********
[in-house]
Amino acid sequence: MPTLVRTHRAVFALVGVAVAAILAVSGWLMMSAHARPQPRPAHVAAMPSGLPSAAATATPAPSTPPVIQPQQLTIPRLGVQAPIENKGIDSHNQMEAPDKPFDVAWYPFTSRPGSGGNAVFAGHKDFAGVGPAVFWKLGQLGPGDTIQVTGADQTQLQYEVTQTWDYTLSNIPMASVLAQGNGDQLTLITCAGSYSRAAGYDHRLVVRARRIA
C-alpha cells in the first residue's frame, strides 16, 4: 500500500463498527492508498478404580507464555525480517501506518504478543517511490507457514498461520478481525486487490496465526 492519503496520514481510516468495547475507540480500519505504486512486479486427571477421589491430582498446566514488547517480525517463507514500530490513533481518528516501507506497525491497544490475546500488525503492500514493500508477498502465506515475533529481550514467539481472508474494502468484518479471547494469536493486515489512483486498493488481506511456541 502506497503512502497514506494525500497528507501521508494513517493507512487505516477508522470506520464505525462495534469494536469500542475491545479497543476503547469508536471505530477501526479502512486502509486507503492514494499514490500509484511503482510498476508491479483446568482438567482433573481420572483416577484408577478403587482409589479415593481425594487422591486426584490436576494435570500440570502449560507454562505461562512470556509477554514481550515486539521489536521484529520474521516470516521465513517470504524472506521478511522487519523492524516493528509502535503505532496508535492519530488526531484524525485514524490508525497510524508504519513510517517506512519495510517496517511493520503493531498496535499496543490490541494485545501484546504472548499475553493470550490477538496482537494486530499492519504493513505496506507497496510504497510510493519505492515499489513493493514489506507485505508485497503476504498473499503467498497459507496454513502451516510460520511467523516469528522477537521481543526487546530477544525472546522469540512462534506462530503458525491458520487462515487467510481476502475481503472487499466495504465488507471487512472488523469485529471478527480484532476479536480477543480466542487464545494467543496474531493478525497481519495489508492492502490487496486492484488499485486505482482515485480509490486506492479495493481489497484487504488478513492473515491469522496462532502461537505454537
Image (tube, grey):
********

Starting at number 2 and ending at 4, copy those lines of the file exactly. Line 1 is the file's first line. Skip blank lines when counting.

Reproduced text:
Amino acid sequence: MPTLVRTHRAVFALVGVAVAAILAVSGWLMMSAHARPQPRPAHVAAMPSGLPSAAATATPAPSTPPVIQPQQLTIPRLGVQAPIENKGIDSHNQMEAPDKPFDVAWYPFTSRPGSGGNAVFAGHKDFAGVGPAVFWKLGQLGPGDTIQVTGADQTQLQYEVTQTWDYTLSNIPMASVLAQGNGDQLTLITCAGSYSRAAGYDHRLVVRARRIA
C-alpha cells in the first residue's frame, strides 16, 4: 500500500463498527492508498478404580507464555525480517501506518504478543517511490507457514498461520478481525486487490496465526 492519503496520514481510516468495547475507540480500519505504486512486479486427571477421589491430582498446566514488547517480525517463507514500530490513533481518528516501507506497525491497544490475546500488525503492500514493500508477498502465506515475533529481550514467539481472508474494502468484518479471547494469536493486515489512483486498493488481506511456541 502506497503512502497514506494525500497528507501521508494513517493507512487505516477508522470506520464505525462495534469494536469500542475491545479497543476503547469508536471505530477501526479502512486502509486507503492514494499514490500509484511503482510498476508491479483446568482438567482433573481420572483416577484408577478403587482409589479415593481425594487422591486426584490436576494435570500440570502449560507454562505461562512470556509477554514481550515486539521489536521484529520474521516470516521465513517470504524472506521478511522487519523492524516493528509502535503505532496508535492519530488526531484524525485514524490508525497510524508504519513510517517506512519495510517496517511493520503493531498496535499496543490490541494485545501484546504472548499475553493470550490477538496482537494486530499492519504493513505496506507497496510504497510510493519505492515499489513493493514489506507485505508485497503476504498473499503467498497459507496454513502451516510460520511467523516469528522477537521481543526487546530477544525472546522469540512462534506462530503458525491458520487462515487467510481476502475481503472487499466495504465488507471487512472488523469485529471478527480484532476479536480477543480466542487464545494467543496474531493478525497481519495489508492492502490487496486492484488499485486505482482515485480509490486506492479495493481489497484487504488478513492473515491469522496462532502461537505454537
Image (tube, grey):